Expectations grow as China is preparing to welcome Mohammed bin Salman for a visit from February 21 to 22. The Crown Prince will co-chair the third meeting of the China-Saudi Arabia high-level joint committee and will meet with President Xi Jinping. The two sides are expected to sign a number of bilateral cooperation agreements to reinforce synergies in different areas, including the development of infrastructures within the Belt and Road framework.

In January 2016, during his state visit to Saudi Arabia, Xi also met the General Secretary of the GCC, Abdullatif bin Rashid Al-Zaya, to whom he underlined his desire to speed up negotiations on the Free Trade Agreement (FTA): a long-delayed agreement that would be crucial to providing an institutional framework for the BIS projects.

But it is in the past year that China's relationship with the GCC countries has really come alive.

 “A bridge to our common future” is how the Belt and Road Initiative was defined by Sultan Ahmed Al Jaber, Minister of State of the United Arab Emirates. And energy cooperation is in the forefront of Chinese leaders’ minds. China and the Emirates have signed two agreements for Chinese involvement in two offshore concessions in the country on the Arabian peninsula. The most eagerly awaited appointment now is the one scheduled in Dubai next year: Expo 2020, which will be followed two years later by the FIFA World Cup in Qatar – two events destined to attract a flow of direct foreign investments to the whole Gulf area.

At the forefront of relations with China is also Abu Dhabi, which in December 2015 launched a $ 10 billion strategic co-investment fund with Beijing; in September of the following year, the China Ocean Shipping group (Cosco) was awarded a 35-year license to operate the containers at Terminal 2 of the Khalifa port.. The biggest Chinese shipping group plans to invest $ 200 million in expanding the terminal. In the subsequent three years, as many as five Chinese companies have announced investments of 300 million dollars in the industrial zone built around the port area. Almost all these operations are financed by the Bank of China, one of the financial offshoots of the Belt and Road Initiative (together with the Silk Road Fund and other bank policies, and the AIIB, although the latter does not have a direct role in the initiative). 

During the aforementioned July conference, in the heat of the Chinese capital, Xi announced loans of 20 billion dollars, in addition to financial support of 106 billion, all destined for the Middle East. Within a few days, on July 26, the first visit by a Chinese leader to the Emirates too place: the first in 29 years, writes the People’s Daily. A profitable mission for Xi, at least judging by the number of agreements signed: as many as 13, from the first financial services company in the Abu Dhabi Global Market, the capital’s international offshore financial center, to the award of a $ 1.6 billion exploration license to China National Petroleum by the national company Abu Dhabi National Oil Company.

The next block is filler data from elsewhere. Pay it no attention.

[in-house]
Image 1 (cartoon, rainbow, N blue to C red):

An additional boost came from another agreement, this one between DP World and Zhejiang China Commodities City Group, for the joint development of a new Traders Market in the free trade zone of the port of Jebel Ali (Jafza). The expansion of the port of Dubai, which provides 10% of the UAE’s GDP, according to data from a recent study by Boston Consulting, provides for a direct connection with Tianjin (a port city and a crucial place for innovation and world development). The busiest route between the Gulf and East Asia.

Kuwait is also of interest to the Chinese thanks to a Memorandum of Understanding with which it has been awarded an $ 86 billion loan for the Silk City project, which will extend across five islands covering an area of 250 square kilometers, and will include a railway connecting it to the capital, a major port on the Gulf. Future plans involve connecting Kuwait City with railway lines running between China and a series of European cities. A similar project also involves the port of Duqm, in Oman, which the sultanate is turning into a hub thanks to a $ 10.7 billion loan. Granted by a Chinese consortium.